That Lass o' Lowrie's/Chapter XXXI


"He wont live," the doctor said to Derrick. "He's not the man to get over such injuries, powerful as he looks. He has been a reckless, drunken brute, and what with the shock and reaction nothing will save him. The clumsy rascals who attacked him meant to do him harm enough, but they have done him more than they intended, or at least the man's antecedents will help them to a result they may not have aimed at. We may as well tell the girl, I suppose—fine creature, that girl, by the way. She won't have any sentimental regrets. It's a good riddance for her, to judge from what I know of them."

"I will tell her," said Derrick.

She listened to him with no greater show of emotion than an increased pallor. She remembered the wounded man only as a bad husband and a bad father. Her life would have been less hard to bear if he had died years ago, but now that death stood near him, a miserable sense of desolateness fell upon her, inconsistent as such a feeling might seem.

The village was full of excitement during this week. Everybody was ready with suggestions and conjectures, everybody wanted to account for the assault. At first there seemed no accounting for it at all, but at length some one recollected that Lowrie had been last seen with Spring and Braddy. They had "getten up a row betwixt theirsens, and t'others had punsed him."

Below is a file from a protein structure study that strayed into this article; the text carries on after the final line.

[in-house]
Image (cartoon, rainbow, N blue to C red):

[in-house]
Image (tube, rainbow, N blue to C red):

The greatest mystery was the use of vitriol. It could only be decided that it had not been an ordinary case of neighborly "punsing," and that there must have been a "grudge" in the matter. Spring and Braddy had disappeared, and all efforts to discover their whereabouts were unavailing.

On the subject of Liz's flight Joan was silent, but it did not remain a secret many hours. A collier's wife had seen her standing, crying, and holding a little bundle on her arm at the corner of a lane, and having been curious enough to watch, had also seen Landsell join her a few minutes later.

"She wur whimperin' afore he coom," said the woman, "but she cried i' good earnest when he spoke to her, an' talked to him an' hung back as if she could na mak' up her moind whether to go or no. She wur a soft thing, that wench, it wur allus whichivver way th' wind blowed wi' her. I could nivver see what that lass o' Lowrie's wanted wi' her. Now she's getten th' choild on her bonds."

The double shock had numbed Joan. She went about the place and waited upon her father in a dull, mechanical way. She said but little to the curious crowd, who, on pretense of being neighborly, flocked to the house. She even had very little to say to Anice. Perhaps after all, her affection for poor Liz had been a stronger one than she had thought.

"I think," Grace said gently to Anice, "that she does not exactly need us yet."

He made the remark in the rector's presence and the Reverend Harold did not agree with him.

"I am convinced that you are mistaken, Grace," he said. "You area little too—well, too delicately metaphysical for these people. You have sensitive fancies about them, and they are not a sensitive class. What they want is good strong doctrine, and a certain degree of wholesome frankness. They need teaching. That young woman, now—it seems to me that this is the time to rouse her to a sense of her—her moral condition. She ought to be roused, and so ought the man. It is a great pity that he is unconscious."